Though several thousands of dollars poorer, at least this family will have restful sleep. Mom and dad no longer worry every time the wind blows or an ice storm hits. Plus, no more fir and pine needles, clogging the gutters, getting tracked into the house and vehicles. Reduction of fire danger around the house was and added bonus, though it wasn't a consideration in taking down the trees.

     In some rural areas a home owner can manage trees as he or she sees fit. As with the above situation.  But this is the exception and not the rule. Many new property owners are surprised by the restrictions, regulations and permits associated with the removal of trees, even on their own property. Some jurisdictions require a consultation with a forester or arborist.  Even if you think a tree may be hazardous and should be cut down, the city/county's representative will often disagree. His argument could include the following question: You did buy the property with the tree or trees on it. If it wasn't an issue then, why is it an issue now? And you should have known that the adopted city/county urban forest program governs how you may or may not manage your trees. You considered all of that before buying the property, didn't you?

     Even when the urban forest manager agrees with your decision to remove a tree, there may still be obstacles. Many times a decision to remove a tree can result in legal and emotional battles with neighbors or "anti" tree cutting groups. Sometimes a tree or group of trees on your property, may have a sentimental value to the local community. An attachment, that you,  a new comer, may find hard to understand. So any one buying a new home with a mature tree(s) on the property, should take a little time and become acquainted with any "tree" issues that might arise.  Although a realtor may sell the value of large, well established trees in the landscape. They will seldom point out the problems that may be involved. These could include, damage caused by roots to foundations, driveways, slabs and septic systems.  Unhealthy trees, weakened by rot, that could cause the tree, or large limbs, to fall unexpectedly, damaging property or causing injury. If you are unsure, why not hire an arborist or forester to help you evaluate the trees and any problems they may cause after you purchase the property.

     Another consideration is trees on neighboring property? Will they present unwanted impacts on your side of the fence? How about fall leaf cleanup? Falling fir needles can be a mess, they are very hard to vacuum up when stuck in car mats or carpeting in your home. Can you live with it? What about hazards from your neighbor's trees. A hundred foot tall fir tree, fifty feet from your property line can fall fifty feet inside your property. How far are your bedrooms from it? If it is a concern you should approach your neighbor before buying the property. Are you willing to share the cost to get it taken down? Or will you find that he doesn't share your concern, and is unwilling to cut down his tree? Which is perfectly OK, it is after all his tree.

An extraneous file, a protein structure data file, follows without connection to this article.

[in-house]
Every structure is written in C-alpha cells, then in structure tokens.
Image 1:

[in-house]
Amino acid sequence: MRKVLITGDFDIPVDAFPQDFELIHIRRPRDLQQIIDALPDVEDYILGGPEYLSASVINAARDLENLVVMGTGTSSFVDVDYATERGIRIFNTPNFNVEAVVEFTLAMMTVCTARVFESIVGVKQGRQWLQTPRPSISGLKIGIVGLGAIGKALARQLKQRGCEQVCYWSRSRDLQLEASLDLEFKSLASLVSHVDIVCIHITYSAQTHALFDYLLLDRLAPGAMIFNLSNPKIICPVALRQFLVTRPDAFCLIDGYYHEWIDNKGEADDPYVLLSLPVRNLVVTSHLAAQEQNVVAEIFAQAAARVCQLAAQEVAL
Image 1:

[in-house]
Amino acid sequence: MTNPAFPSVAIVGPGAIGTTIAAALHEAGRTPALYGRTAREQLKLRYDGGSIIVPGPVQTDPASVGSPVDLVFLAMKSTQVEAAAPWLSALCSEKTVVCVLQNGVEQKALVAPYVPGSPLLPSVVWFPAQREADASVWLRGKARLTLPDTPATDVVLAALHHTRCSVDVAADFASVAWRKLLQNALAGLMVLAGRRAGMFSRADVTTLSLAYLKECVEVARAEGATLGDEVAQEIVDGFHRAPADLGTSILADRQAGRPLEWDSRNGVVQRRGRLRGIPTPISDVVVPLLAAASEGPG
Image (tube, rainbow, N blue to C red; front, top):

A hundred year old tree can be felled in minutes. Doesn't it make sense to take a little time to make sure it is the right thing to do. After all it will take a hundred years to replace. That is why most jurisdictions have some form of regulations in place to help in the decision making process. While at times over regulation can be frustrating. No regulations at all would prove to be disastrous. If you are in an area that leaves the decision to manage your own trees up to you. Remember to take your time and weigh the benefits of leaving the tree in place or removing it. There are many good reasons to cut down a tree. Perhaps you need extra income from your trees, or perhaps you want to manage them for aesthetics or safety. Just be sure to consider all the consequences, and if you still  have good reason, then go ahead with your tree project. Cutting down trees is nothing new and many good things can result if done properly. You have heard of Stradivarius, haven't you?  

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Comments (2)
Dan Olsen

I worked in a municipal forestry department several years. The cities have no say about what you do on private property -- as far as trees are concerned. The only places they have a any regulations or restrictions is on publicly managed property but this does include right of ways that could run through parts of your property -- commonly along the streets.

Dan - In most cases you are right. . However there can be exceptions. I copied the folowing from the Portland, Oregon city government web site under "Tree Permits". See: www.portlandonline.com/parks "PRIVATE PROPERTY TREE REMOVAL: for trees growing in yards, not in the public right-of-way" "The City of Portland's Tree Cutting Ordinance regulates the cutting of trees 12" in diameter (measured at 4.5 feet above ground) or greater on certain private properties. You may need a permit if your property is located in certain environmental zones, if existing trees are protected through land use regulations, or if the property is dividable. Please call Urban Forestry at 503-823-4489 and a Tree Inspector will review your property status to determine if a permit is needed. If a permit is needed, an application will be sent to you."